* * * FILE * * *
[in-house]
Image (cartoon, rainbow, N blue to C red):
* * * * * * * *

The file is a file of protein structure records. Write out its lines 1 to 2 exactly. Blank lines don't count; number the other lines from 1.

[in-house]
Image (cartoon, rainbow, N blue to C red):